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If you add a truly random character into a truly random position of a word (uniformly chosen), you get "entropy of position" + "entropy of character" as addition to the entropy of the word. (Not exactly, it's a bit less). The entropy of character is the size of the possible characters. 64 possible characters would be $log2(64) = 6$ bits of entropy. Entropy ...


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By that statement, does that mean adding a random character to a random position in a Diceware word adds 10 bits to each word? No. The ten bit estimate is for adding a random symbol from the 36-item table to a random position in the passphrase. The entropy in the character choice is about five bits and the entropy in the choice of position is another ...


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If you have a secret key (256-bits) shared between the two systems that see the entity identifiers, you can use HMAC-SHA256 to map entity identifiers to a random string. Under the assumption that HMAC-SHA256 security is good (which is widely believed to be a reasonable one), this is just as secure as having generated a truly random mapping, but requires ...


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Suppose the server did not include $v$ in the computation of $B$. In such case the following events have happened: The server has sent a salt value $s$ to the client. We might assume it is authentic (because it is easy for the fake server to get it from the real server). The client re-calculates its long term private key $x$ such that $v = g^x$. The client ...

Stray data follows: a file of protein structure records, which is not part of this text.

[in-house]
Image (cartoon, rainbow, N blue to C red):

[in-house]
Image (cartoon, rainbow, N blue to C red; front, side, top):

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But this proof value must be something both the client and the (legitimate) server can compute, and thus it must be entirely determined by: values chosen by the client and sent to the server during the authentication process, values chosen by the server and sent to the client during the authentication process, and the password and/or the ...



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